Some Observations Concerning the Catholic Theological Society of America Report on Tradition and the Ordination of Women
By the National Conference of Catholic Bishops' Committee on Doctrine, released by committee chairman Archbishop Daniel Pilarczyk of Cincinnatti, September 19, 1997.
In June 1996, the Catholic Theological Society of America received the first draft of a report titled "Tradition and the Ordination of Women" (cf. Origins 26, No. 6, June 27, 1996, pp. 90-94), which raised serious questions with regard to the Responsum ad dubium of the Congregation for the Doctrine of the Faith (Oct. 28, 1995) on the reservation of holy orders to men. During the business meeting of the June 1997 CTSA convention in Minneapolis, the membership present voted to endorse the conclusion of the report, which was subsequently published (cf. Origins 27, No. 5, June 19, 1997, pp. 75-79). The conclusion reads as follows:
"There are serious doubts regarding the nature of the authority of this teaching [namely the teaching that the church's lack of authority to ordain women to the priesthood is a truth that has been infallibly taught and requires the definitive assent of the faithful] and its grounds in tradition. There is serious, widespread disagreement on this question not only among theologians, but also within the larger community of the church.... [flurther study, discussion and prayer regarding this question by all the members of the church in accord with their particular gifts and vocations are necessary if the church is to be guided by the Spirit in remaining faithful to the authentic tradition of the Gospel in our day."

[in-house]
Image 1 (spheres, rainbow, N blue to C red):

On June 11, 1997, the president of the CTSA sent copies of the report and the resolution endorsing its conclusion to the president of the National Conference of Catholic Bishops, who in turn asked the Committee on Doctrine to review these materials and develop an appropriate response to them. The following observations were prepared in response to the CTSA's initiative in sending a copy of the report to the national conference of bishops. In addition to transmitting this response to the president and board of the CTSA, the Committee on Doctrine has also determined that, given the public nature of the report, it would be helpful to provide the text of these observations to the bishops and the Catholic community at large. The following observations were prepared by the staff of the Committee on Doctrine and are made public now with the authorization of the committee.
These observations respect the limitations of the CTSA report itself The report was intentionally limited in scope, presenting not "arguments for or against the ordination of women" but rather questioning "whether the reasons given by the congregation justify the assertion that the definitive assent of the faithful must be given to the teaching that the church has no authority whatsoever to confer priestly ordination on women" (p. 77).
The scope of the following observations is similarly limited. No attempt has been made here to advance a comprehensive theological argument for the church's teaching on the reservation of priestly orders to men. Rather, these observations address: the scriptural basis for this teaching; the appeal to tradition; and the authority with which the teaching is proposed and the assent it requires.